What it’s like to live in Portsmouth and Southsea
PUBLISHED: 14:37 10 January 2017
Fry & Kent
Portsmouth and Southsea offer good value and a lively location for a home, says Emma Caulton
Is Portsmouth a property hot spot? The jury is out. As the country’s only island city, its location is both an advantage and a hindrance. Accessed via just three main roads, traffic congestion at these bottlenecks is inevitable. And, probably because it is surrounded by water and unable to expand, Portsmouth tops the table for area of highest population density outside London.
Yet this is also a sociable, vibrant city that makes the most of its waterside setting. It feels individual. Special. Perhaps because it is adrift from mainland Hampshire.
Portsmouth is a port city. It has been a naval base since 1194 and is still the Royal Navy’s biggest dockyard, although nowadays visitors are as likely to come for the shopping as the shipping. For Portsmouth has undergone a renaissance. It started with the transformation of a complex of former Navy buildings into Gunwharf Quays, a harbourside, top-end outlet shopping centre with brands like Armani and Bose, and cafes, bars and restaurants spilling out across squares and terraces. It continued with the construction of the iconic 170-metre high Spinnaker Tower on the waterfront, which quickly become a symbol for the city (on a clear day the view from the top is breath-taking). More recently Sir Ben Ainslie set up his cutting-edge Land Rover BAR HQ in Old Portsmouth. It is yet another distinctive structure, but this city is very good at making bold architectural statements and juxtaposing contemporary against classic.
In contrast, its ‘suburb’, Southsea, developed as a Victorian resort. Its seafront is a huge asset: over four miles long and backed by Southsea Common which stretches for over a mile-and-a-half between the two piers - South Parade and Clarence. Both seafront and Common are well used for dog walking, family games, fitness classes and park runs.
As for shopping, Southsea is known for its quirky, quality independents. Streets such as Marmion Road and Albert Road bustle with interior and fashion boutiques, antiques, vintage and retro shops, trendy bars and cafes. Indeed there’s a foodie vibe to the area. A few favourites include Abarbistro, Pie & Vinyl (mixing live music, record collecting and great grub), Southsea Coffee Company with tasty veggie dishes, Canvas Coffee (social enterprise initiative at Portsmouth and Southsea station) and Huis, a new Belgian Bar and Kitchen. This range reflects Portsmouth and Southsea’s buzzy, cosmopolitan atmosphere.
As does the University. Earlier this year, Portsmouth was named cheapest university city in England for students. The University is certainly popular. That may also be due to having Sandi Toksvig as Chancellor (how cool is that?), being judged ‘outstanding’ for its art, design and media provision, and its high profile (if slightly alternative) alumni such as Simon Armitage, Ben Fogle and Grayson Perry.
This is a city with cultural collateral. It is awash with heritage: forts, castles and museums are tributes to our glorious naval past, among them Southsea Castle, D-Day Museum and Portsmouth Historic Dockyard - home to Tudor warship the Mary Rose and Nelson’s flagship HMS Victory. However, the city is also responsible for some literary greats. This is the birthplace of Charles Dickens. Arthur Conan Doyle is thought to have created Sherlock Holmes here. HG Wells once worked in a Southsea shop, the inspiration for Kipps. Neville Shute wrote prolifically here and Rudyard Kipling’s experiences growing up in Southsea are said to have given him his ‘voice’. Another familiar name includes actor and comedian Peter Sellers. It is said that he made his first stage appearance at two days’ old at the King’s Theatre – a much loved Edwardian venue at the heart of Southsea that was recently restored.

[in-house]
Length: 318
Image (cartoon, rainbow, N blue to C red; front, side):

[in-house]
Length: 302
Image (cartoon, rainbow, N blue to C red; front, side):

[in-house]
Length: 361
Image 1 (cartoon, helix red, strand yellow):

Other entertainment venues include New Theatre Royal, The Guildhall and Wedgewood Rooms, between them offering performances from Shakespeare to stand-up, emerging music to established legends. The arts scene is also well served by Aspex Art Gallery; its participation programme is considered one of the best in the country.
There’s a 14-screen cinema and bowling alley at Gunwharf Quays, the Pyramids Centre combines pools of splashing good fun with gyms for serious work-outs, and seaside attractions include the Blue Reef Aquarium. Meanwhile a hectic events calendar lists The Great South Run, which has been held in Portsmouth for 25 years, Victorious, a family-friendly music festival held over August bank holiday weekend, and for the past couple of years the America’s Cup World Series sailing.
Portsmouth appeals to singles, young couples and families and they’re encouraged by good value property. Swanky apartments in Gunwharf Quays and elegant Edwardian townhouses on leafy Southsea streets can be found for about £325,00-£350,00 (more or less). And with comparatively low prices and high yields, Portsmouth has featured in top ten listings for places worth investing.
Families should consider school catchment areas. Ofsted delivers a mixed report, although many are rated ‘good’ at every level. One or two receive the ‘outstanding’ accolade, such as St Edmund’s Catholic School. Portsmouth is also recognised for its excellent independent school provision – including Portsmouth Grammar School and Portsmouth High School.
So, is Portsmouth a property hot spot? It certainly feels fresh and exciting, with a great lifestyle, a sense of opportunity and a strong community that’s more than evident in the determined support for the local football team.
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